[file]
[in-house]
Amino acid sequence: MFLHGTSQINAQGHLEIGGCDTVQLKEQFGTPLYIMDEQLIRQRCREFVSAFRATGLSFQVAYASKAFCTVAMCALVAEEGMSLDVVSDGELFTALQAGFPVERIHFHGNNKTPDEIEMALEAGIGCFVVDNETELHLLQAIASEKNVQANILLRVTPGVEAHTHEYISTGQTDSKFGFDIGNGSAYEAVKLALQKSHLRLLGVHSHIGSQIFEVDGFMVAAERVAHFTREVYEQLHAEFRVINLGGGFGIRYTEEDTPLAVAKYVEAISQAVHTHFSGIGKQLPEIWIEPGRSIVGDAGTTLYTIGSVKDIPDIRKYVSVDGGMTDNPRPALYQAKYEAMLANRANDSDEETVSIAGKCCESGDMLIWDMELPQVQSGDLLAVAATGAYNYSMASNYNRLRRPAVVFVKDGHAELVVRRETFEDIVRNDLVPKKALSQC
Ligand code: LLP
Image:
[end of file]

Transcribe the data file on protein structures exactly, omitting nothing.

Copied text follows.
[in-house]
Amino acid sequence: MFLHGTSQINAQGHLEIGGCDTVQLKEQFGTPLYIMDEQLIRQRCREFVSAFRATGLSFQVAYASKAFCTVAMCALVAEEGMSLDVVSDGELFTALQAGFPVERIHFHGNNKTPDEIEMALEAGIGCFVVDNETELHLLQAIASEKNVQANILLRVTPGVEAHTHEYISTGQTDSKFGFDIGNGSAYEAVKLALQKSHLRLLGVHSHIGSQIFEVDGFMVAAERVAHFTREVYEQLHAEFRVINLGGGFGIRYTEEDTPLAVAKYVEAISQAVHTHFSGIGKQLPEIWIEPGRSIVGDAGTTLYTIGSVKDIPDIRKYVSVDGGMTDNPRPALYQAKYEAMLANRANDSDEETVSIAGKCCESGDMLIWDMELPQVQSGDLLAVAATGAYNYSMASNYNRLRRPAVVFVKDGHAELVVRRETFEDIVRNDLVPKKALSQC
Ligand code: LLP
Image: